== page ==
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An excerpt from Volume 5, 'KRISZTUS VAGY BARRABÁS' "War And Peace" of the Collected Works by Frigyes Karinthy.


January 1917.

Presently, at sunset on the third day, He emerged from the narrow opening of the tomb and set out on the road in silence. Black ruins were smouldering on either side.  In front of Pilate's house, lying now at the bottom of a dried up ditch, He found the first of those men that had shouted Barabbas' name. With a tongue that had turned black the man was howling at the crimson clouds.

He stopped in front of the man and addressed him in a low voice:

"I am here."

And the man looked up at Him and burst out sobbing.

"Oh, Rabbi...Rabbi!" he sobbed.

And the Master gently continued:

"Cry not.  Rise and come with me, for I am returning to Pilate's house in Jerusalem to ask for a new sentence upon myself and for you who preferred Barabbas and those with whom he had done this."

And the wretch, staggering to his feet, grabbed His raiment.

"Oh, Master..." was all that the man, choking and in tears, could cry.  "Oh, Master, I am coming with Thee'.  Tell me how to save myself.  Tell me what to do'.  Tell me what to say'." he said.

"Do nothing" He said gently, "but what you ought to have said three days ago, when Pilate standing on his verandah asked of you: "Which one of them is it that you want me to set free; Barabbas, the murderer, or the Man of Nazareth?"

"Oh, I was a fool" the wretch cried, smiting his head with his fists.  "Oh, I was a fool to have shouted the name of Barabbas, Barabbas, who reduced me to this.

"Well, then" the Master gently continued, "come along with me to Pilate's house, heed nothing and mind nothing but me and when I give you the signal, cry out with all your heart and with all the might of your lungs "the Man of Nazareth," as if you were crying out "I want my life."

And the man followed Him.

And as they walked along they came upon another man in misery, a man whose wife had been ravished, his house and children taken away, and his eyes ordered put out by Barabbas. He touched the man's forehead gently and spake thusly:

"I have come.  Come along with me to Jerusalem and when I touch you with my hand, cry out "the Man of Nazareth'." as if you were crying out:  "I want my house, my children, my eyesight!"

And the man burst into sobs and followed Him. 

And they found yet another man whose hands and legs were tied with a rope with a noose around his neck, and he had been pushed with his face down into a putrid swamp to keep company with vermin and creeping things.

He stepped up to the man, undid his bonds and spake thus:

"I know you. You were a poet who professed the exalted ascendancy of the soul. Come with me and when I signal you, cry out "the Man of Nazareth!" as though you cried out "I want freedom! Freedom of thought!  Freedom of the mind!"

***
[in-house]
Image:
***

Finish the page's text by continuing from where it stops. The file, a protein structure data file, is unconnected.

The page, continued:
And the man kissed His sandals and implored Him only with his eyes, for his mouth was still full of mud.

And as they went on in this fashion, more and more of the maimed, the crippled and miserable lazars, all ruined by Barabbas, joined them. And each and every one of them beat his chest sobbing and imploring Him to give the signal when he was to cry out "the Man of Nazareth" as if they were crying out:  "Peace! Peace! "Peace on Earth!"

By evening they arrived in Jerusalem at Pilate's house.

Pilate was sitting on the verandah having dinner with Barabbas the murderer. There they were sitting, fat and with shining faces, drinking heady wines, eating exquisite meals from the bottom of gold vessels, and their scarlet robes could be seen shimmering a long way away.

At the head of the multitude that had followed Him, the man of Nazareth proceeded to the verandah and, raising His nail-torn hands, began to speak softly.

"Pilate, Passover is not over yet.  It is the law and custom that you release one of the prisoners according to the preference of the people. The people had preferred Barabbas and I was crucified - but I had to return from my death for I saw that the people did not know what they were doing.  This multitude behind me has come to know Barabbas and wants a new sentence now. Ask them anew, even as it is written in our law-books.

Pilate pondered, then shrugged and standing at the edge of the verandah looked wonderingly upon the multitude and said:

"Well, then, which of them will you, therefore, that I release to you, Barabbas, or the Man of Nazareth?"

And He gave them the signal now.

And then a murmur rose and the multitude resounded like a clap of thunder.  And the multitude shouted "Barabbas!"

And they looked at one another in bewilderment for severally each of them had shouted "the Man of Nazareth!"

The Master turned pale and turning round looked them over. And though He could distinguish the face of each of them individually, now in the dusk, the many faces merged into a single face, an enormous face with blood-shot eyes, blinking stupidly, wickedly and brazenly at His own  with a stinking stuff oozing from its mouth as it roared raucously:  "Barabbas!" as if it were rattling:  "Death! Death! Death!1 

Pilate dropped his eyes in embarrassment and said to Him: "Thou hast beheld it..."

He nodded His head and ascending the steps in silence, stretched His hands toward the hangman for him to tie them.



Translated from the Hungarian by L.K. Torok in 1976 August with emendations by Professor Watson Kirkconnell.